Rubén Campos wrote:

I've trying to implement polynomials of arbitrary order as a C++

template, as shown here:

template <unsigned long int N>

class Polynomial

{

public:

Polynomial ();

~Polynomial ();

float getCoefficient (unsigned long int const index);

void setCoefficient (unsigned long int const index,
float const value);

float evaluate (float const x);

Polynomial <N-1> derive ();

Polynomial <N+1> integrate ();

private:

float mCoefficients[N+1];

};

As could be expected, I've found problems with the extreme order

polynomials, that is, trying to derive a polynomial of 0 order

(in fact, a real number) or trying to integrate a polynomial of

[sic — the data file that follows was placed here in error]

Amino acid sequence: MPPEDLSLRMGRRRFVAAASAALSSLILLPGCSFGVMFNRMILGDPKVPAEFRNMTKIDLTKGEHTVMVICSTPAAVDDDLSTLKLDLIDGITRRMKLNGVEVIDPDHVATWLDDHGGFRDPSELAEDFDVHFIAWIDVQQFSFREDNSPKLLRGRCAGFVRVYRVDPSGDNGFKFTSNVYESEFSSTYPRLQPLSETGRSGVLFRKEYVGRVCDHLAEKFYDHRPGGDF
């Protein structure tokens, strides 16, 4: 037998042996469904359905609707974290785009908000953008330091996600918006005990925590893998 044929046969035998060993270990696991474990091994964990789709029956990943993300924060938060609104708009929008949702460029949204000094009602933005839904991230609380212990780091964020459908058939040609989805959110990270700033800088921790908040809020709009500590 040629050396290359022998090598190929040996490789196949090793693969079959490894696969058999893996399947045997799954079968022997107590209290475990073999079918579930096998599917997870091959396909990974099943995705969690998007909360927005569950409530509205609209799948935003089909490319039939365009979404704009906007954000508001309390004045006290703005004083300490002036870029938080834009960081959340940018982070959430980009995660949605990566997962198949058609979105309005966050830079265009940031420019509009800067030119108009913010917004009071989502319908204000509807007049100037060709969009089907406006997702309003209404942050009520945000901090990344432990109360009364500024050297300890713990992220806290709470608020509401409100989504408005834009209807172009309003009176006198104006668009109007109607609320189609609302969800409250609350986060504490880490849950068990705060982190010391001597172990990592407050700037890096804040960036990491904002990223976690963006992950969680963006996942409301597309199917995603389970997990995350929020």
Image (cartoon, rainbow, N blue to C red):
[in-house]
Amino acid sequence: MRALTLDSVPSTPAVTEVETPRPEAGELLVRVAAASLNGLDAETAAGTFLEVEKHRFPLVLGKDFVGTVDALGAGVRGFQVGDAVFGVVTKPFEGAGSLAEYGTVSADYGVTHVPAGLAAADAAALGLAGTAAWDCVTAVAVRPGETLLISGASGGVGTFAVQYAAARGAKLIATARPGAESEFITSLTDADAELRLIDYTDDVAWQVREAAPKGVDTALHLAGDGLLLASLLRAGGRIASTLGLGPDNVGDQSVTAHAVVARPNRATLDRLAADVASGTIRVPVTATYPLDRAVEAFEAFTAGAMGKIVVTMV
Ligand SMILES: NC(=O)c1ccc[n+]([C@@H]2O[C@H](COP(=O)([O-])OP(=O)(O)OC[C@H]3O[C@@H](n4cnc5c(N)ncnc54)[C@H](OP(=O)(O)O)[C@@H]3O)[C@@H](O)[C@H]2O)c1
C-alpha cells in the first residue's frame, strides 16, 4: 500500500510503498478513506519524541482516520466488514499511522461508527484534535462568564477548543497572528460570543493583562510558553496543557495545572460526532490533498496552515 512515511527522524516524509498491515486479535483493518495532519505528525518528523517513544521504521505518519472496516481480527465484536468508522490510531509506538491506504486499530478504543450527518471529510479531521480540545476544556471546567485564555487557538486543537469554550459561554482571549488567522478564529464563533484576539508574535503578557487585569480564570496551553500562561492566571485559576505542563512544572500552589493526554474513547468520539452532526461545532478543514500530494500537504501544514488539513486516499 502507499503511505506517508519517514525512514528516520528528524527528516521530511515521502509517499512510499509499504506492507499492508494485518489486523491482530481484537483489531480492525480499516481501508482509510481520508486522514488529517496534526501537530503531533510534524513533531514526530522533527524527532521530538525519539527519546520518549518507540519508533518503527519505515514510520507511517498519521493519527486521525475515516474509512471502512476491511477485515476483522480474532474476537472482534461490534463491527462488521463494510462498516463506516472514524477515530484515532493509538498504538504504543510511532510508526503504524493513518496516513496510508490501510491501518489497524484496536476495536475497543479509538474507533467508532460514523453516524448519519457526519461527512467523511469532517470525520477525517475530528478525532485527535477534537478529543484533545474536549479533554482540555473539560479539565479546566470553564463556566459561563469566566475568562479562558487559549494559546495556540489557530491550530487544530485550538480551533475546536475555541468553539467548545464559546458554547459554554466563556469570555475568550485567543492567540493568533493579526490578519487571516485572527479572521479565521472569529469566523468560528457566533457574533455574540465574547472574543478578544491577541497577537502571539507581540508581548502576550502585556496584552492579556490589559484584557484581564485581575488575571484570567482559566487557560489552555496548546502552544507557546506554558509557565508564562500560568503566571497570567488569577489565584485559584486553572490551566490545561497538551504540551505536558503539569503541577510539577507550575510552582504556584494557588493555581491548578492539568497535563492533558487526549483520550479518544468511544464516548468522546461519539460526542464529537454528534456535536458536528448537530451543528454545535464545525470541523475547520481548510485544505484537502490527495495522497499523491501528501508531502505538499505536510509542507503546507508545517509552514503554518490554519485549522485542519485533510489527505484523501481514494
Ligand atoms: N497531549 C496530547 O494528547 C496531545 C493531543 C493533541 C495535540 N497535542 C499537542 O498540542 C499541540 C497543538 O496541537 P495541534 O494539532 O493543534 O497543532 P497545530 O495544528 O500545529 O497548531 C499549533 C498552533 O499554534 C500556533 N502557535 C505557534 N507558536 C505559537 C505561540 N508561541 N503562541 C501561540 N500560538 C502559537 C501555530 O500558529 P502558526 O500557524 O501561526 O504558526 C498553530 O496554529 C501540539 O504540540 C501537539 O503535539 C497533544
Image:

maximum order ((2^N) - 1).

So the question is, how can I deal with extreme order

polynomials? It's possible to provide different declarations

(not only definitions) to derive() and integrate()? Should I

detect those illegal attempts and break it with exception

throwing?

You could specialize Polynomial, but that would mean a lot of

duplication, so you might prefer to make derive and integrate

overloaded free functions.

#include <limits>

#include <stdexcept>

template <unsigned long int N>

Polynomial <N-1> derive(Polynomial <N> const & poly)

{ /* ... */ }

Polynomial <0> derive(Polynomial <0> const &)

{ return Polynomial <0> (); }

// I assume a fresh polynomial is identically zero.

template <unsigned long int N>

Polynomial <N+1> integrate(Polynomial <N> const & poly)

{ /* ... */ }

void integrate(Polynomial<std::numeric_limits<

unsigned long int>::max()> const &)

{ throw std::out_of_range("Polynomial order too large"); }

Martin

--

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